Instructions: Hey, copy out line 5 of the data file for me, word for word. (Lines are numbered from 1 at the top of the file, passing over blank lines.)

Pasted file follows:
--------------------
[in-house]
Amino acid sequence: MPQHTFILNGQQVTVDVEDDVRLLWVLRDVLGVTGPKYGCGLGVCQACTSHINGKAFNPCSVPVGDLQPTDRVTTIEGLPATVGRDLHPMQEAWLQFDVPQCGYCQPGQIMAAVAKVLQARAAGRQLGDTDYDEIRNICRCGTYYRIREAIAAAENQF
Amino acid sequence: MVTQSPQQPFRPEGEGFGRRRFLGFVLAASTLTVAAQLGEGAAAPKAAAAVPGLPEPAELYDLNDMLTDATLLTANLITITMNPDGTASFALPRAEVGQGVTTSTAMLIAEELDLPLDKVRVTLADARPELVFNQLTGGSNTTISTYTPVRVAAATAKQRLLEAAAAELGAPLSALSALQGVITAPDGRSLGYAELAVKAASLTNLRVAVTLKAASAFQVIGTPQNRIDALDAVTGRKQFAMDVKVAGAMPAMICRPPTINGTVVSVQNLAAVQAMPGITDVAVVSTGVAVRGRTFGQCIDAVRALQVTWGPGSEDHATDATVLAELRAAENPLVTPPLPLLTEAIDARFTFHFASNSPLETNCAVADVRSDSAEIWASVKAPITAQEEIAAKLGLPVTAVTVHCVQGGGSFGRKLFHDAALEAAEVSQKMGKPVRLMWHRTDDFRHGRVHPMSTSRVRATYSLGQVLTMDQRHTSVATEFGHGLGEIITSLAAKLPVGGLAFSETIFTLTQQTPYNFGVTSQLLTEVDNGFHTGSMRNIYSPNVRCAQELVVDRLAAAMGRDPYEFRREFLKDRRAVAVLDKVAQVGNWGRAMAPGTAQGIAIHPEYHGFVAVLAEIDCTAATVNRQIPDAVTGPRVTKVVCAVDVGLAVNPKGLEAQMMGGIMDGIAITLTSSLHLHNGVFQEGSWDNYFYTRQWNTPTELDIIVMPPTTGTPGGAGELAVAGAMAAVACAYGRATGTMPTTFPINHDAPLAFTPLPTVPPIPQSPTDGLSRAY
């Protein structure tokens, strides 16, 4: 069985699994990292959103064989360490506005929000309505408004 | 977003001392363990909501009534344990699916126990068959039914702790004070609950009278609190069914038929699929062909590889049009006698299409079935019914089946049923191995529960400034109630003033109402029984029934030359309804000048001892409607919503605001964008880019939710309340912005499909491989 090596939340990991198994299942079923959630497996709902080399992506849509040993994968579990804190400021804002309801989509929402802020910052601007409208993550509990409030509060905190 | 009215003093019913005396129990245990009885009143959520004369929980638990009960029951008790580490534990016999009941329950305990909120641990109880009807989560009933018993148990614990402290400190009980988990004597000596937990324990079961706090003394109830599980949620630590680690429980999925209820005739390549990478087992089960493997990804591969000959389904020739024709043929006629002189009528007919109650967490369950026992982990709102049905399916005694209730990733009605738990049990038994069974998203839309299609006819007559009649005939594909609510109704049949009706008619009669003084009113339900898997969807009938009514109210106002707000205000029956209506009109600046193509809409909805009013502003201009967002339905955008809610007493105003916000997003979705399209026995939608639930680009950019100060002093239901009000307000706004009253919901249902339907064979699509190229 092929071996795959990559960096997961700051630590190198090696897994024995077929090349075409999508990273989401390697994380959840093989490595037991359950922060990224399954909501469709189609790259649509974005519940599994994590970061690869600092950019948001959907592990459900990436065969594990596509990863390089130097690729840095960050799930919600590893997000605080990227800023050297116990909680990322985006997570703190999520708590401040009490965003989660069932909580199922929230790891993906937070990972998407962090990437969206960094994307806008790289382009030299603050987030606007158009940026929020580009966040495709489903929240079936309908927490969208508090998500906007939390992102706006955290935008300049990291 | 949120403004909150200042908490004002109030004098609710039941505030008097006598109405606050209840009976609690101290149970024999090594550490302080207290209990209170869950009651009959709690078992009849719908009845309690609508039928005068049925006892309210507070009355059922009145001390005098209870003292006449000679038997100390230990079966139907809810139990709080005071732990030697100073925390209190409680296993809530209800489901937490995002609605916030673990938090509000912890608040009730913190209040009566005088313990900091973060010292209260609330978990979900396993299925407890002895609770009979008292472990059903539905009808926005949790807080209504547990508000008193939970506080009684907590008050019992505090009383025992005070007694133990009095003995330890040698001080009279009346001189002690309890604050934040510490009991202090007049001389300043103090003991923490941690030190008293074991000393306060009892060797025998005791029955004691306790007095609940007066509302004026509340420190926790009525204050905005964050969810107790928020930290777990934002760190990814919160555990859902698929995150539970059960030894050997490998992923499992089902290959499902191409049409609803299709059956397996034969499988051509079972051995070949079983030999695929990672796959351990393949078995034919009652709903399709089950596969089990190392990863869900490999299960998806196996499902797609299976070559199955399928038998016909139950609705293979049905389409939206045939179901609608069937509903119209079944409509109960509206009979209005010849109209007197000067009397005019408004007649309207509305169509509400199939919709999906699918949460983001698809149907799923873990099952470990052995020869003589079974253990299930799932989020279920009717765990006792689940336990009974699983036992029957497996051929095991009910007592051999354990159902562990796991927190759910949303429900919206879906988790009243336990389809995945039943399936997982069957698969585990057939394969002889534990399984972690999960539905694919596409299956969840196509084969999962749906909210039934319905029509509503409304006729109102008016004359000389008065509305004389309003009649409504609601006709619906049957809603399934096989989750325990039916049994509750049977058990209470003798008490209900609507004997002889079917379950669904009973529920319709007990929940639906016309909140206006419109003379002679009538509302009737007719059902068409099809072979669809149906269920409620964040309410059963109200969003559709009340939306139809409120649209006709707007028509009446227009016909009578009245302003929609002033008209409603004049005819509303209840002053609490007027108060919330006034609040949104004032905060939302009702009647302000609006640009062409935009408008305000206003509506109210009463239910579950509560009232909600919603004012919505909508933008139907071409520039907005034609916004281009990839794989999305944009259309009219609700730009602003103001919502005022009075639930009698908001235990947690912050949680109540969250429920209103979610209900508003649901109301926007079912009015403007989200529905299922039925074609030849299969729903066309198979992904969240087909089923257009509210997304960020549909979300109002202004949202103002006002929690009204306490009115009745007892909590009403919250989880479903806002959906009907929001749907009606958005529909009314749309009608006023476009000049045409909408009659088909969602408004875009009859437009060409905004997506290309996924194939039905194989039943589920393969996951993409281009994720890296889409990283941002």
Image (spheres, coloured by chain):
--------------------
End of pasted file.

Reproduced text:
Image (spheres, coloured by chain):